Adaptation of forage bermudagrasses [Cynodon dactylon (L.) Pers.] to the Texas High Plains grown under saline and limited irrigation conditions
Marsalis, Mark A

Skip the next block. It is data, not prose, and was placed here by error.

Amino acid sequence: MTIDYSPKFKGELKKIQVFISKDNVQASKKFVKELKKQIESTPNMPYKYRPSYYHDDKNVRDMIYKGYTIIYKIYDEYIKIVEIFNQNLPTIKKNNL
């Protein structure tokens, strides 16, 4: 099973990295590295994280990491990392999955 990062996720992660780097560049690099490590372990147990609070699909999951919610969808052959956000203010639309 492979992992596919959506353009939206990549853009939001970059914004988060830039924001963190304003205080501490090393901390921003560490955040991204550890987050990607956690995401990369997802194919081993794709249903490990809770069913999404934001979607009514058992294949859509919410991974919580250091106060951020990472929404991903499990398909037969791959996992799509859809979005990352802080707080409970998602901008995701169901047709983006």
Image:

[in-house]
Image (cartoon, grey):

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Information is limited concerning adaptation of forage bermudagrasses [Cynodon dactylon (L.) Pers.] to the Texas High Plains. Due to increasing scarcity of Ogallala Aquifer water and increased use of secondary water sources for irrigation, greenhouse and small plot field trials were conducted to evaluate bermudagrass as a potential component in forage-livestock systems using limited or saline irrigation. In a greenhouse experiment, salinity tolerance of 'Macho', an experimental variety, was tested over 56 d with a range of salinity from 1.7 to 90.0 dS m-1, imposed as NaCl and CaCl2 (1:1) in a complete nutrient solution. Plants were grown in sand in 2-L pots in a completely randomized design with six replications of each treatment. Plants were harvested at 28 and 56 d. Although plants survived salinity levels as high as 38 dS m-1 over 56 d, growth of Macho was reduced by 50% at 12 dS m-1. Productivity at 12 dSm-1 and higher would limit usefulness of Macho bermudagrass. In a second greenhouse trial, relative salinity tolerances of 'Tifton 85', 'Coastal', and Macho bermudagrasses were evaluated during 63 d. Plants were grown in sand in 2-L pots using a completely randomized design. Treatments (NaCl: CaCl2; 1:1) ranging from 1.4 to 37.5 dS m-1 were imposed in a nutrient solution. Upper limit of salinity was based on results from the pilot greenhouse experiment. Biomass was harvested at three, 21-d intervals. Biomass reductions of 75% occurred at 27.0, 27.0, 17.0; 27.0, 19.0, 17.0; and 19.0, 14.0, 14.0 dS m-1 for Tifton 85, Macho, and Coastal, respectively, at each 21-d harvest. After 63 d, Tifton 85 and Macho survived salinity levels up to 27.0 dS m'\ whereas Coastal survived up to 19.0 dS m-1. Productivity and nutritive value among eight sprigged and four seeded forage bermudagrasses were tested during 2002 and 2003 in small plot trials at three locations in Texas: (1) New Deal; 12 varieties with limited irrigation (313 mm total annual) with water from the Ogallala Aquifer; (2) Posey; 5 varieties surface irrigated with industrial wastewater; and (3) Spraberry; 5 varieties surface irrigated with municipal effluent water. For locations 2 and 3, water was applied at disposal rates and Sporobolus virginicus (L.) Kunth., a salt tolerant perennial grass, was tested in addition to bermudagrasses. Experimental design was a randomized complete block at each location. Forage mass was determined by clipped quadrates every 28 d during the growing seasons of 2 yr following the establishment yr to estimate production. Mean seasonal yield of Tifton 85 was greater than other varieties (P < 0.05) with aquifer water (20.4 Mg ha-1) and industrial wastewater (17.1 Mg ha"') but did not differ from Coastal with municipal effluent water. In vitro dry matter disappearance (IVDMD) for Tifton 85 (63%) was higher (P < 0.05) than other varieties at each location. Growth of Tifton 85 was delayed early in spring compared with others tested. Mean seasonal yields and IVDMD did not differ among sprigged and seeded varieties. Adaptation of S. virginicus to more northern areas of the Texas High Plains is questionable due to loss of stands at Posey, but is more promising in southern regions grown with moderately saline water. Bermudagrass appears adapted to environmental conditions of the Texas High Plains under varying irrigated conditions, but more research is needed to determine suitability of these grasses for use in long-term grazing and haying systems.